Neviere R, Mathieu D, Chagnon JL, Lebleu N, Millien JP, Wattel F
To compare skeletal muscle microvascular blood flow at rest and during reactive hyperemia in septic patients, a prospective, controlled trial was conducted on 16 patients with severe sepsis and a control group of 10 patients free of infection in the intensive care unit of a university hospital. Systemic hemodynamics, whole-body oxygen transport, and skeletal muscle microvascular blood flow at rest and during reactive hyperemia were measured. Reactive hyperemia was produced by arrest of leg blood flow with a pneumatic cuff; on completion of the 3 min ischemic phase the occluding cuff was rapidly deflated to 0. Hemodynamic and oxygen-derived variables were determined invasively. Skeletal muscle microvascular blood flow data were obtained using a laser Doppler flowmetry technique and values expressed in millivolts. Whole-body oxygen delivery in septic patients was increased compared with control subjects. Resting skeletal muscle blood flow was decreased in septic patients compared with control subjects (233 +/- 52 versus 394 +/- 93 mV; p<0.05). Peak flow during reactive hyperemia was also decreased in septic patients compared with control subjects (380 +/- 13 versus 2,033 +/- 853 mV; p<0.05). Cyclic variation in blood flow (vasomotion) was observed in control subjects but not in septic patients. Skeletal muscle microvascular perfusion is altered in patients with severe sepsis despite normal or elevated whole-body oxygen delivery. These microvascular abnormalities may further compromise tissue nutrient flow and may contribute to the development of organ failure in septic patients.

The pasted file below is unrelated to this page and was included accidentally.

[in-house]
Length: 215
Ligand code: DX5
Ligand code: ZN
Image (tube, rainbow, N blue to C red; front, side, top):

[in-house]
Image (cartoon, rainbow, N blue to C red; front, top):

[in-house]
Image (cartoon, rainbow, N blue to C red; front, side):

Service de Réanimation Médicale et de Médecine hyperbare, Hôpital Calmette, Centre Hospitalier Régional Universitaire de Lille, France.